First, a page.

Opponents decry Scott Pruitt’s plan to roll back groundwater protections at coal ash sites

EPA holds hearing to get feedback on weakening of coal ash rule.

Heavy machinery excavate and carry coal ash from a drained coal ash pond at Dominion Power's Possum Point Power Station in Dumfries, Virginia. CREDIT: Kate Patterson for The Washington Post via Getty Images
Heavy machinery excavate and carry coal ash from a drained coal ash pond at Dominion Power's Possum Point Power Station in Dumfries, Virginia. CREDIT: Kate Patterson for The Washington Post via Getty Images

Residents have not been clamoring for Environmental Protection Agency (EPA) Administrator Scott Pruitt to weaken the nation’s coal ash waste rules. No local communities have stood up and said they want less protection from coal ash.

And yet Pruitt — at the behest of coal-fired power plant owners — proposed changes in early March to an Obama-era rule that would allow power plant owners to avoid cleaning up their coal ash deposit sites that were found to be leaking and contaminating groundwater.

Coal ash is a byproduct of coal-based power plants that contains toxic materials such as arsenic and lead. Environmental and public health advocates contend 70 percent of coal ash disposal sites disproportionately impact low-income communities.

The planned rollback of the coal ash rule follows a pattern by Pruitt to do the bidding of polluting industries instead of protecting the health of residents.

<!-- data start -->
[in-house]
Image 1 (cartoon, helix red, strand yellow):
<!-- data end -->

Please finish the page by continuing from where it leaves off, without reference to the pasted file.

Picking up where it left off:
The EPA’s proposed changes would allow states to play a bigger role in developing alternatives to the federal requirements. The agency is also seeking public feedback on whether current deadlines for groundwater monitoring and analysis are still appropriate. The agency projects that the draft changes could save the industry overall up to $100 million in compliance costs if made final.

Even though the proposal would represent a major rollback of an important clean water rule, the EPA decided to hold only one public hearing — in Arlington, Virginia, near Washington. Experts and residents from across the nation traveled to the D.C. area on Tuesday to let the EPA officials know why they believe the federal coal ash disposal regulations should not be relaxed.

In his testimony at the public hearing, Frank Holleman, a senior attorney with the Southern Environmental Law Center in Chapel Hill, North Carolina, told EPA officials that Pruitt is seeking “to eliminate protections for clean water and communities in order to benefit objectives of the lobbyists and trade associations for coal ash utilities.”

Holleman, in an interview with ThinkProgress after giving his presentation, pointed out that Pruitt proposed the major rollback on March 1, one day before coal plant-owning electric utilities were required to report the results of groundwater testing near their coal ash deposit sites. He believes the announcement was timed to assure utility companies that, if the reversal of the rule is successful, they would not be required to abide by the Obama-era coal regulations.